The prince that eventually gained power over Ptolemy Soter was a man named Seleucus, a particularly adept general under Alexander the Great. Seleucus at first acquired the district that was Babylon. However in no time a fellow named Antigonus took Babylon from him. Seleucus fled for his life to Ptolemy in Egypt. Ptolemy appointed him a general in his army, and later as allies were able to wrest the Babylonian district away from Antigonus and back into Seleucus’s

Lesson 31 – Daniel 11 hands.

The Seleucus family dynasty, then, became the rulers of the north and their reach and power far exceeded that of the Ptolemy family dynasty of the south (of Egypt).

Verse 6 says that after some undefined number of years passed an alliance is formed between the kings of the north and south. A daughter of the king of the south will be the token of the alliance. This has to be referring to marriage, which is the age old way of sealing alliances between nations. And historically we find that about 35 years after the death of Seleucus, the 1 st king of the north, his grandson Antiochus II will marry Berenice a daughter of Ptolemy. However Berenice had a rival for power; Laodice. Laodice was already a wife of to Antiochus; and when Antiochus married Berenice for political purposes Laodice set about to get rid of her. Two years after the marriage, Berenice’s father Ptolemy died and with it the political need for the marriage. Antiochus divorced Berenice. And in something resembling the old TV series Dallas, the conniving Laodice had no intention of having her favorable situation undone again. So she poisoned her husband Antiochus in retribution, and then had Berenice and her infant son murdered. Laodice now owned the throne of the kingdom of the north.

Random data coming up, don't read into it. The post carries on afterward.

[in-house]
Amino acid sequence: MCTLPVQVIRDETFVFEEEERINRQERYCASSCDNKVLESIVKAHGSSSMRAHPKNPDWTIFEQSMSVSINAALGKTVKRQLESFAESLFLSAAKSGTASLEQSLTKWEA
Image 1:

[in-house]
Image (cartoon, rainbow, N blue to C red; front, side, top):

However verse 7 explains that someone in Berenice’s ancestry will regain power (in the south) and then come against the king of north. The reference is to another of the Ptolemy family dynasty, her brother, Ptolemy Euergetes. He takes Egypt’s army, marches to the north, and in the process avenges his sister Berenice by killing the queen of the north, Laodice. Then in verse 8, we hear that the king of the south will bring fabulous booty from the north back to Egypt and have great success for years against the king of the north.

The Egyptians were so awed by the success of this 3 rd Ptolemy to rule over them that they gave him the nickname of Euergetes, which means well-doer.

Next, verse 9 explains that the king of the north had enough of this domination of the king of Egypt and so took an army to attack the king of Egypt (the king of the south). But the king of the north was defeated and he retreated home. His name was Seleucus Callinicus; he marched against Ptolemy about 240 B.C., and was lucky to return home alive.